The evil Ra Wang joined his fist to palm and muttered ‘I bow to thee master. You are God lee!’ as he took his last breath lying outside his fort at Liangzhou. His 9 other heads looked on in confusion until all his 20 eyes shut for good. Lord Rang smiled with a glimmer of divine forgiveness in his eyes. His ‘arm of god’ move had done the trick, killing the demon who had kidnapped his wife.
He then handed over the kingdom to V.B.Chang, the younger brother of Ra Wang and headed back to his kingdom at Anyang in Northern China. Lord Rang was going home after serving a penance of 14 years of exile. During course of which, he along with his brother Lax Ming and wife Xi Ta toured innumerable jungles of southern China, lived a life of abstinence and sucker punched innumerable monsters.
When the news of Lord Rang’s return reached home at Anyang, celebrations were in the air. And so were fireworks. The scent of gunpowder and incense filled the air as households brewed lavish feasts with generous amounts of Ajinomoto. The streets were adorned with Chinese lamps of all shapes and sizes. From little spherical red lamps to gigantic Dragon shaped lanterns, the city was a staggering display of lamps and light. Children and elders alike, gathered and chanted Di wa lee, we’re happy our king has returned.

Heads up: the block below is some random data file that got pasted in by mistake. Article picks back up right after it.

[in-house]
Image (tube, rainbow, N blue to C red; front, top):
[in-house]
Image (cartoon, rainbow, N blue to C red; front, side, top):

The festival would go on to be known as Diwali, the festival of lights. And till this date, Chinese fireworks fill the skies, Chinese lamps fill streets and Chinese flickering lights twinkle at homes, even in India. To be more specific, especially in India. The only thing, left Indian about Diwali was the legend around it. So I thought of doing the honours. Now let’s take it all the way by exchanging boxes of chicken Manchurian and wishing each other Di wa lee!